Thinking and Doing

We need to think about our work and then do that work. It sounds so simple, though it’s much harder to put in practice. The biggest challenge we face in trying to keep them separate is that we often try to do them both at the same time, which never works — because it’s not supposed to. It’s fundamentally contradictory to do them both at the same time.

What works is when you think about something and then do it. In other words, thought precedes action, not vice-versa. Thought is the What/Why, whereas action is the How. The former will always precede the latter, as it should.

As Ralph Waldo Emerson said:

The ancestor of every action is a thought.

Thinking about your work doesn’t mean you have to finish doing the work; it simply means you finish the thinking required to do the work. So when it’s time to do the work, you’re not thinking about the work anymore, you’re just doing it. That’s how you separate the two. When you’re thinking about your work, all you’re doing is the thinking; when you’re doing the work, that is all you’re doing. So, it makes sense to schedule times for doing them both.

I wrote about scheduling work based on our attention. Once you’ve thought about the different areas of focus and created similar categories in your calendar and list manager with appropriate actions, then it’s just a matter of showing up and doing the next thing on your lists. By having thought about your work, you’re simply doing the work.

Figure out the best times in your day to think about your work and to do the work. This is not to say that you shouldn’t do ad hoc work that shows up unexpectedly. There will always be some of that, but try to keep it to a minimum.

For me, early mornings and early evenings are when I do that thinking, while the rest of the day is spent “cranking the widgets”.

I do that thinking in various ways. One way I do that is by writing Morning Pages every day. Another way I do that is by doing a daily review, where I review my calendar and list manager in terms of what I can get done in a given day.

Then there’re times when I think during my work breaks. I use these breaks to renew myself by taking a walk or just moving around before it’s time to return to my work. I wrote about the value of sitting less by taking short breaks every 25 minutes. Other times for thinking include when I’m taking showers, meditating, debriefing, etc.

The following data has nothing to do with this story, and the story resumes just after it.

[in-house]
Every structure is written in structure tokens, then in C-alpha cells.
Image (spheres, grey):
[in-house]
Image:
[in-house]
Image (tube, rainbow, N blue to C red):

Taking breaks and downtime are important in a work day. Only when you take time away from work can you think about your work objectively. Taking those breaks allows me to distance myself from work in order to have and maintain that objectivity. Other times, you’re too close to it “emotionally” for you to make a rational decision about your work. That is one of the reasons why you need some time away from work every day. I wrote more about that in Work and Play.

I also try to avoid “consuming” information of any kind/form (such as news, social media updates, etc.) during work days, which further gives me the space to think objectively about my work.

I use analog tools to facilitate my thinking mindset and digital tools to execute the doing mindset. I wrote about it in Tools Don’t Matter.

Other examples include:

  • Maintain lists for films to see, music to listen to, books and articles to read, etc. that you might want to “consume” at some point, but not when you come across it.
  • Items in your list manager: have separate times for thinking about your work and doing the work.
  • Items in your calendar: plan your week in advance and spend the rest of the week doing those things that you’ve planned.
  • Think/plan your work in projects, and do your projects in actions by doing it in work modes.
  • Same goes for having a list of phone calls to make. Because I’ve already thought about the different calls I’m going to make, it’s a matter of making those phone calls in the time I’ve allocated for it. Ditto for emails to send, errands to run, etc.

A potential problem with lists is when you start thinking about whether or not you should do one of the action items during your specified “doing” time. In this case, you should have already thought about what you were going to do, and unless it’s going to take you more than a couple of minutes to do it, then just do it because it’ll be more work to set up an action in your list manager.

When you feel like you have too many things on your mind, do a “brain dump” of all the things that have your attention in your list manager. Focus on capturing those things first, and only after you’ve captured them all, go through that list one by one to clarify what each of those things mean to you. When we don’t pay attention to things that have our attention, those things take more of our attention than they deserve. Even better is to capture the thing that has our attention when it has our attention.

Build some thinking time in your work day to give yourself some space. It’s never about having more time; it’s about having more clear space and what that space allows you to do. By giving yourself pockets of time during the day to think about your work, it helps you take a step back and reflect on what you’re doing and where you’re headed.

There’re times to think, and then there’re times to do. Figure out what those times are for you. Because unless you separate the thinking from the doing, you’ll be able to do neither of them effectively. And it’ll be in your worst interest to do so.

If you liked this piece, subscribe to the Weekly Newsflash to read my latest writing. Topics include mental health, simple living, and true success: